• Conducted an equal pay audit since 2015 by spending more than USD 10 million to address the gender gap
  • Inclusive benefits like 6 months of paid parental leave, family sick time, and flexible work hours for women

Work in progress 

Salesforce has added nearly 11,000 more women in the last 5 years.

  •  36.1% of the US and 33.6% of the global workforce are women
  • Since 2019, the company has seen a 7.6% increase in the global representation of women in leadership
  • The company aims to increase the representation of women in tech, which stands at 24.3% at the moment


Driving Innovation and Gender Equality 

This IT services giant made an agenda years ago to a culture of equality. Here is what they have done ever since:

  • To achieve a gender-balanced workforce by 2025
  • Increase the diversity of its leadership by growing the percentage of women managing directors to at least 25 percent by the end of 2020.

Here is where they stand:

    • Their workforce comprises 44 percent of women
    • The company has 24% women as managing directors
    • Julie Sweet is the current CEO of the company, which shows its strong advocacy of creating women leaders

Driving Change with Specialized Recruitment Efforts 

One of the key strategies to address the gender gap in technology is through targeted recruitment efforts, specifically at the leadership level. This is where services like Technology Executive Search play a crucial role. Specialized executive search firms are not only adept at identifying top-tier talent but also bring a nuanced approach to fostering diversity and inclusion in the tech industry. By leveraging their expertise and networks, these firms can help bridge the gender gap by sourcing and placing more women in leadership positions within the technology sector.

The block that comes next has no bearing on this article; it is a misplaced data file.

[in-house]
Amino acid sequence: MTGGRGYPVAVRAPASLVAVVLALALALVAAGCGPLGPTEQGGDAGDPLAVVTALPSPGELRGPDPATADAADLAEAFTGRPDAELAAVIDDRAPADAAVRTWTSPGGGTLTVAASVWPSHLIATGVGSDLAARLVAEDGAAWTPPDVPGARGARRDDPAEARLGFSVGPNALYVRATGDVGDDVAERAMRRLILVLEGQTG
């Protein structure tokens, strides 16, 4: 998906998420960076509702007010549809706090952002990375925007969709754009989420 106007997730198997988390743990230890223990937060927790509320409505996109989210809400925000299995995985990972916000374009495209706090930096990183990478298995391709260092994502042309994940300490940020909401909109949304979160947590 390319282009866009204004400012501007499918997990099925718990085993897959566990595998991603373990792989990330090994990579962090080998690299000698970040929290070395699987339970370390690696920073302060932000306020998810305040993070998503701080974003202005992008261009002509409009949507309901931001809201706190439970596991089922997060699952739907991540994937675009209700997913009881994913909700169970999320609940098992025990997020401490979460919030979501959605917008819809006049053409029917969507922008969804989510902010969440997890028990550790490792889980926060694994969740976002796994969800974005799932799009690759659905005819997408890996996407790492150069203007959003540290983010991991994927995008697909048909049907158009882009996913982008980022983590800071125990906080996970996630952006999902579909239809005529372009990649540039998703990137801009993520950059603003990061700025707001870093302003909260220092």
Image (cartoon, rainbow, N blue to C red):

Innovative companies such as Deloitte, Salesforce, and Accenture have shown a commitment to gender equality and diversity. Part of their success can be attributed to intentional efforts to identify, recruit, and promote women in tech roles, including in senior and executive positions. Partnering with a Technology Executive Search firm can help other companies follow suit, ensuring that they not only find the best talent but also contribute to closing the gender gap in tech. 

Work in Progress 

While significant strides have been made by companies like Salesforce and Accenture in increasing the representation of women in tech, there is still much work to be done. The aim to increase the representation of women, particularly in technology roles, requires a sustained and concerted effort. Engaging with specialized recruitment firms focusing on technology leadership roles can accelerate these efforts, bringing diverse perspectives and leadership styles to the forefront of technology innovation. 

Looking beyond

Understanding these women in tech facts drives us to continue striving for gender equality in the tech industry. VBeyond too is deeply committed to closing the gender gap and accelerating career paths for women in times to come.